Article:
Within minutes, a salesman says he’s confident that a new Audi A1, worth more than £15,000, could be the young man’s. Spend £215 a month, for 48 months, and he can hit the road. And after a final payment of nearly £7000, the car is his for keeps.

Despite being unemployed, the process of securing a loan to own the car was predicted to be straightforward.

A salesman says not having a job won’t make any difference. He explains: “We drop it down to the finance company, they’ll do a credit check on you. It’s not a case of you not having a job today and having a job tomorrow. We just need to see what the finance company says.”

However, the young man was an undercover reporter for the Daily Mail. He was one of a team that visited 22 dealerships. And the findings were prompted the question: is it too easy to get a car loan?  Continue reading

Car buying online: your next motor could come from an internet dealer

car buying online

Peugeot already has an online car buying platform

The way we purchase our motors is changing with car buying online becoming increasingly popular. There’s no shock in that. What is perhaps surprising is that the move to buying over the internet is taking such a long time. New figures from the Centre for Economics and Business Research (CEBR) show that figures for web car sales are currently miniscule. But within the decade a fifth of all new cars will be bought online. Here’s all you need to know about the online sales boom.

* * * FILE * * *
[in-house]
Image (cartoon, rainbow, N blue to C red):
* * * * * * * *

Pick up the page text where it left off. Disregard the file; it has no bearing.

Surely you can buy cars online now

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Car safety equipment: the key kit drivers want to be fitted as standard

Car safety equipment

Car safety equipment such as self-braking can stop cars crashing if the driver isn’t paying attention (Picture © Thatcham)

More than four out of five drivers want safety equipment such as automatic braking to be standard on new cars. And safety campaigners are urging drivers to buy only cars with it fitted as standard. They hope this will pressure car makers into fitting the tech more widely.

Currently, only one of Britain’s top 10 best-selling cars – the Mercedes-Benz C-Class – comes with automatic braking as part of its normal equipment. But research has found that when it’s an optional extra, car buyers ignore it. Instead they favour more tangible everyday kit such as sunroofs or upgraded sound systems. And according to studies, a fifth of car buyers refuse to pay extra for safety equipment.

Despite this, researchers for Stop the Crash found that 83 per cent of drivers actually want safety kit such as automatic braking to be standard. Chairman of Stop the Crash David Ward said: “This research shows how important safety is to the consumer. But it highlights how this often fails to translate into safety options being purchased in the showroom. Manufacturers must offer safety systems as standard with proven ability to save lives.”

What is automatic braking?